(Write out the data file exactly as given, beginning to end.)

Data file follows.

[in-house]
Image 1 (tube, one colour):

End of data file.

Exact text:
[in-house]
Image 1 (tube, one colour):